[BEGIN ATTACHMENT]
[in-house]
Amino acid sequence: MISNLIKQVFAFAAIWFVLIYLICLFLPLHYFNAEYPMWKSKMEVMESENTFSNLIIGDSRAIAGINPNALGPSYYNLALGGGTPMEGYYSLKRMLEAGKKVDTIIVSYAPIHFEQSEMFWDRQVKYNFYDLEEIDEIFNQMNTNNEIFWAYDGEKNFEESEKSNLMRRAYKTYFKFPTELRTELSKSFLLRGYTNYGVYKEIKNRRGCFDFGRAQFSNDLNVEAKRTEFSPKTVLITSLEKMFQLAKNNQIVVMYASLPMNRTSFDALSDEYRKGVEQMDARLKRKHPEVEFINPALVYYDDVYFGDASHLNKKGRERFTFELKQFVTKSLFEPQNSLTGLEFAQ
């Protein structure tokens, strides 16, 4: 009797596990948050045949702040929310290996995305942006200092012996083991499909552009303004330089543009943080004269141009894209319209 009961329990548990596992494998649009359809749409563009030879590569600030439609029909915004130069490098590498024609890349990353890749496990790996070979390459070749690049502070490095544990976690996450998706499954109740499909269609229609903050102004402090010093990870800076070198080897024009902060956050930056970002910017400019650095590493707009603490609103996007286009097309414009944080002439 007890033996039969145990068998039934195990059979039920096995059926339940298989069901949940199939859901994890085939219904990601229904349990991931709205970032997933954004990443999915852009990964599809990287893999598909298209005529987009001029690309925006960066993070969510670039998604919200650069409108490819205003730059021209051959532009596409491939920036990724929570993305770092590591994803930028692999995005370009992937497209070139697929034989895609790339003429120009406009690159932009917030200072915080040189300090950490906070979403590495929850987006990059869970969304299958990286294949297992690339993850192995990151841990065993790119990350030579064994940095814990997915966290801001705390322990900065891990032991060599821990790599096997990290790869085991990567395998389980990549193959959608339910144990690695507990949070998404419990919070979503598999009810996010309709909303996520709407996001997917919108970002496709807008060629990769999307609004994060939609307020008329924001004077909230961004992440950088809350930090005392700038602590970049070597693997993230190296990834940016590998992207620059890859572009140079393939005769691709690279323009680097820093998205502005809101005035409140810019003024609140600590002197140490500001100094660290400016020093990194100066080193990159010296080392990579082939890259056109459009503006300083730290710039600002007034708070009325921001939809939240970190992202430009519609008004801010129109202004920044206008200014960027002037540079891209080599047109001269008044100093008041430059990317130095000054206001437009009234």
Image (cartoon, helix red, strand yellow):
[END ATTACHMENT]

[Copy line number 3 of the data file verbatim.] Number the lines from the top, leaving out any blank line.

């Protein structure tokens, strides 16, 4: 009797596990948050045949702040929310290996995305942006200092012996083991499909552009303004330089543009943080004269141009894209319209 009961329990548990596992494998649009359809749409563009030879590569600030439609029909915004130069490098590498024609890349990353890749496990790996070979390459070749690049502070490095544990976690996450998706499954109740499909269609229609903050102004402090010093990870800076070198080897024009902060956050930056970002910017400019650095590493707009603490609103996007286009097309414009944080002439 007890033996039969145990068998039934195990059979039920096995059926339940298989069901949940199939859901994890085939219904990601229904349990991931709205970032997933954004990443999915852009990964599809990287893999598909298209005529987009001029690309925006960066993070969510670039998604919200650069409108490819205003730059021209051959532009596409491939920036990724929570993305770092590591994803930028692999995005370009992937497209070139697929034989895609790339003429120009406009690159932009917030200072915080040189300090950490906070979403590495929850987006990059869970969304299958990286294949297992690339993850192995990151841990065993790119990350030579064994940095814990997915966290801001705390322990900065891990032991060599821990790599096997990290790869085991990567395998389980990549193959959608339910144990690695507990949070998404419990919070979503598999009810996010309709909303996520709407996001997917919108970002496709807008060629990769999307609004994060939609307020008329924001004077909230961004992440950088809350930090005392700038602590970049070597693997993230190296990834940016590998992207620059890859572009140079393939005769691709690279323009680097820093998205502005809101005035409140810019003024609140600590002197140490500001100094660290400016020093990194100066080193990159010296080392990579082939890259056109459009503006300083730290710039600002007034708070009325921001939809939240970190992202430009519609008004801010129109202004920044206008200014960027002037540079891209080599047109001269008044100093008041430059990317130095000054206001437009009234």